Well, it depends (what a decisive answer, eh?), and while I admit that I am not a microprocessor expert, I have researched it over the many years of working on and with computers (and I asked an expert, see comments below). In practically every case where I have seen 64-bit implemented, there was an apparent boost in performance, even when running 32-bit apps, on PCs that is! Apps start quicker, and respond better.

It boils down to how big the hopper the CPU uses to point to data in memory, and how much total system memory the processor can make use of (to load app functions into). That computing hopper has been growing from older 32-bit chipsets (8 and 16 before that) to an expanded 64-bit design. 64-bit has been around since early 2000s in personal computing, and even before that in business computing, and will continue to expand in the future. The benefit being that it potentially doubles the amount of data the CPU can simultaneously process in memory, thereby speeding up applications that do a lot of intense operations (let's call them very "volatile" apps). Apps that are meek in comparison (not changing stuff in virtual memory very much), are not necessarily going to enjoy a big boost in apparent speed just from 64-bit, but apps that are doing lots of processor-intense operations should see improvements.

A limitation to consider for phones being the total RAM available on the device, which isn't as much as a PC (usually around 1GB), so many apps may not see much of a boost. I asked an anonymous source who works in the SoC implementation field what her opinion was on the aspect of 64-bit, and it's impact on graphics intensive applications (like games), and her comments mirror many of my own:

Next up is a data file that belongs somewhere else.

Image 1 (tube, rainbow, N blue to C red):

"I don’t think there is any fundamental direct impact of a 64-bit CPU (versus a 32-bit CPU) on the GPU in a mobile device system. Of course with 64-bits there is the potential to move data more quickly because of the wider registers, so that could be an indirect benefit. It’s also possible that a larger addressable memory space could enable use of more geometry, texture resources, etc. but most of today’s mobile devices have only 1GB to 2GB of RAM (and are currently limited to that for power consumption reasons) so this isn’t a reality yet."


OpenGL for Embedded Systems (ES)  3.0

OpenGL ES 3.0 is a graphics API that defines a set of functions for programmers to leverage when writing applications that must perform rendering, particularly for mobile devices. Sounds super technical, but basically it enhances the coding tools programmers use for drawing 2D and 3D shapes in a program. When you have to do this for a bunch of objects that look similar (like a bunch of trees in the distance or buildings that look a lot alike), it can take a toll on performance.